The capricious virus
Coronavirus continues to spread across all continents and cases continue to rise, with more than 9 million confirmed in 213 countries and territories worldwide. More than half a million people have died. Among the handful of countries that have yet to report any cases are several islands in the South Pacific, Turkmenistan and North Korea. In these last two, somehow unreliable, “zero cases” looks extremely unlikely.
We face what has surely been the most difficult moment of the 21st century in terms of health and quality of life.
If life is a box of surprises, the new coronavirus is a box of uncertainty. The volatile coronavirus knows no borders, politicians do. The disease has affected certain countries, including Brazil, the United Kingdom, and the United States, with particular ferocity. There are several enigmas of the coronavirus: why do some suffer so much and others so little? Why can it kill some and go unnoticed by others? In addition to the age, genes, viral load and drawer of previous pathologies, we do not have many certainties about the reason for the cruelty of this infamous virus. Somehow, each new infection has the ability to open its own chapter in medical textbooks.
COVID-19 deaths have evolved at different rates at each location that has received its unexpected visit. Whether the outbreak was defined from the start by a series of changing epicenters, including Wuhan, China, Iran, northern Italy, Spain, and New York; it is now defined by its wide and growing scope and there are more risks ahead as countries begin to reopen their economies.
The epicenter of the pandemic continues to move towards Latin America, which although has the advantage of a younger population, but also has informal economies and often precarious health and living conditions. It is prudent to adopt social distancing and face masks as the best measures, instead of waiting for the vaccine without being certain of the results. The poorest countries do not have the financial means and public policy coordination capacities necessary to sustain societies and economies through strict quarantines.
We see with surprise that some countries that should be overwhelmed with patients are not, leaving researchers racking their brains. Comparisons are always difficult, but some cities seem more vulnerable to its devastating spread. No place seems immune. There is evidence that people in some regions have been less quarantined and some countries have closed earlier than others, but there is no single, simple explanation for all cities.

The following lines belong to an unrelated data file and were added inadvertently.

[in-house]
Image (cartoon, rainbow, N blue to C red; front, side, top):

We can cite several examples that allow us to give this nasty microorganism the nickname of “capricious”.
The first place goes to Vietnam, a nation that 50 years ago was immersed in a bloody war with the United States and now has had a historic recovery, becoming an economic and tourist force in Southeast Asia.
In Vietnam, reports of coronavirus infections have recorded just over 300, regardless of their proximity to China. Surprisingly has managed to keep its coronavirus death toll at zero , which makes it unique in the world. This country with an iron communist government, quickly quarantined a large part of its population, ordered social distancing measures and made an effort to quickly track the contacts of patients with covid-19, as soon as the focus of Wuhan, China had begun.
The Dominican Republic continues to be the worst hit country in the Caribbean by SARS-CoV-2. More than 28,000 cases of coronavirus have been reported. Haiti, which shares the same island and has a similar population, only reports around 5,000.
In the former French Indochinese peninsula, Cambodia did not impose any quarantines and has reported few cases. Thailand, with its capital Bangkok, the most visited city in the world, above Paris, London or New York and where the offense “lèse majesté” to the king is a crime sentence to jail, exhibits statistics similar to Venezuela, having twice the population density.
Japan, with the world’s oldest average population, has recorded fewer than 1,000 deaths.
Right here in our Latin American “patio next door”, the phrase “ Thanks to the hot weather, nothing will happen here”, received a bucket of cold water, with the events seen in Guayaquil, Barranquilla and Maracaibo. The virus continues to circulate among us like a masked villain.
In the 1918 “Spanish Flu”, Alaska’s Far North remote communities were saved by isolation from the world, but other communities that implemented rigid quarantine and protection measures were equally pandemic victims. Survival, it seems, can sometimes be reduced to blind luck and good fortune.
Time will pass and surely we will quickly forget this natural calamity, as soon as we leave it behind. At that point we will no longer ask ourselves so many questions and most likely, in a short time, we will be surprised to remember everything that we do not know right now.
Finally this a my last message. Let’s be optimistic and choose “the glass half full”. Most people who get the disease recover; many may never realize they ever had it. The worst virus is ignorance, denial and dismissing the recommended sanitary measures. The key to overcoming the pandemic is found in ourselves.
Originally published at https://www.elnacional.com on June 26, 2020.